Yellowstone supervolcano may have underwater magma 'anomaly,' researchers suggest

An underwater river or "fountain" of magma has been located underneath the Yellowstone supervolcano. Despite fears that this could trigger a major eruption in the near future, experts say it's not expected to blow anytime soon.

According to a research paper published in Nature this week, scientists Peter Nelson and Stephen Grand believe the magma may stretch as far as Mexico.

The researchers describe "a single narrow, cylindrically shaped slow anomaly, approximately 350 km in diameter that we interpret as a whole-mantle plume," according to the study's abstract.

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The scientists note the approximate length of the plume was made "using the travel times of core waves recorded by the dense  seismic network."

Whether the plume could cause magma to rise in a vertical stream is still unclear, the researchers added. They also noted the Yellowstone hotspot itself, which is home to the famous bubbling springs, is also a source of debate.

The researchers also indicate they've demonstrated the plume's existence because the structure "gradually decreases in strength" as it nears the surface and could have temperatures near the mantle of at least 650 degrees Celsius (1,202 degrees Fahreneheit), perhaps in excess of 850 degress Celsius (1,562 degress Fahrenheit).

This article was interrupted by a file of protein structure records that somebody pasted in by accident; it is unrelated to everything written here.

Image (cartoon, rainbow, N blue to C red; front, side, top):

"Our results strongly support a deep origin for the Yellowstone hotspot, and also provide evidence for the existence of thin thermal mantle plumes that are currently beyond the resolution of global tomography models," the researchers wrote.

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Concerns have cropped up in recent memory, most notably in the last week when Yellowstone experienced four mini-tremors, that the supervolcano would erupt faster than initially thought.

However, any talk of it potentially wiping out life as we know it is incorrect.

According to National Geographic, researchers Hannah Shamloo and Christy Till analyzed minerals in fossilized ash from the most recent eruption in the summer of 2017. What they discovered surprised them – the changes in temperature and composition only took a few decades, much faster than the centuries previously thought.

Despite some sensationalist claims seen in the media, the supervolcano is not expected to erupt anytime soon and if it did, the events would not be catastrophic. "There's no reason to think it could impact mass transport the way the Iceland eruption did nor would it have any effect on crops," Till told Fox News in October 2017. "There is no evidence to suggest it could destroy mankind."

The supervolcano last had a major eruption about 630,000 years ago, Till added. Prior to that, the last major eruption was 1.3 million years ago, per a report from ZME Science. A smaller eruption, the most current on record, occurred 70,000 years ago. 

Follow Chris Ciaccia on Twitter @Chris_Ciaccia